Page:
8/25/2013 | Share this article: View CommentsBy Saphire ~
There are many Christians that could tell you the time and date of their decision to follow Christ. I never could. Simply because I'm not really sure when it happened. When I was fifteen, the youth pastors at my church decided that I needed to make a decision. They set up times to talk to me about God and Jesus and the need to decide if I wanted to be a Christian. Honestly, I just decided to become a Christian because I wanted them to leave me alone. I remember lying in my bed and saying the "sinner's prayer" over and over again. I had always heard about this weight lifting off your shoulders, of feeling peace and joy. I didn't feel anything. I just kept thinking I must have been saying it wrong.
But eventually I believe I became a Christian. I did all the things that make you a good Christian. I went to church multiple times a week, joined the choir, went on retreats, and even became a missionary. I had good friends, my family eventually became Christians as well, and I enjoyed my life. Leaving the church started for me when my best friend told me he was gay. I'm ashamed to say that I responded like most religious people. I told him that he needed to pray and allow God to change him. I told him that I was disappointed in his lifestyle choice. To this day I still feel nauseous when I think about what I said. One day we were talking on the phone and I heard the pain in his voice. I listened to my best friend weep as he struggled with who he was and who he felt God wanted him to be. My heart broke for him. And so the questions began. Did I really believe being gay was wrong or was I just repeating what I had been told in church?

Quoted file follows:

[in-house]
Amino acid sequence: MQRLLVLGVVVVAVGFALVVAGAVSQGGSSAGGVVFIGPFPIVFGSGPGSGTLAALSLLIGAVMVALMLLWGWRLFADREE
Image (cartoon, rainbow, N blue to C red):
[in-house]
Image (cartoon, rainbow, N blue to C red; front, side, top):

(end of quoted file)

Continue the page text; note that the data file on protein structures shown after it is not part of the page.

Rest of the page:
This question only opened the door for more questions. I became so frustrated with how the church was treating people, not just gays but anyone who was different than them. So I began looking for a progressive form of Christianity. I didn't want to walk away from my beliefs, but I couldn't hold to the traditional views. I found a progressive from of Christianity but instead of finding something that allowed me to keep my beliefs it actually gave me the information I would use to walk away. Progressive Christians do not believe the bible to be infallible. At first when I read this I felt incredible freedom. But later it just became a slippery slope of doubt. If the bible is questionable than what can I actually believe in any of it? Once that question was asked my path was clear. There was no way I could be a Christian in any form. The questions just kept coming. Are we truly so evil that God would have to send his son to die this horrific death for us? Is salvation really only based on geography? If God is all knowing and all loving then how can he create a world knowing that most of his creation would spend eternity in hell? And really eternity? ETERNITY? Is that really justice? Etc.
My best friend told me that he is deciding what to hold on to and what to leave behind. I find myself doing the same thing. There are ideas and a way of life that I don't want to let go of. I want to hold onto the teachings of Jesus about compassion, mercy, love, forgiveness, and charity. He, or whoever made him up, had some great things to say. But his divinity and the Christian idea of God is nothing I can subscribe to. Neither is atheism. For me I see it in the same realm as Christianity just the opposite spectrum. I've come to the realization that I do not want to live a life of certainty. Living a life of certainty only draws you in to the great debate of who is right and who is wrong. I find myself leaning towards agnosticism as it is open to the realm of possibility. There are some things I cannot possibly know. The only thing I can know for sure is how I want to live my life. I know the person I want to be and so that is my focus. I'm not interested in proving anyone wrong or right. I simply want to have and give the freedom to simply be.
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